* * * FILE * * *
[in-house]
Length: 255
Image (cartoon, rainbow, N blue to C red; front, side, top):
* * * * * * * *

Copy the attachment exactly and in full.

[in-house]
Length: 255
Image (cartoon, rainbow, N blue to C red; front, side, top):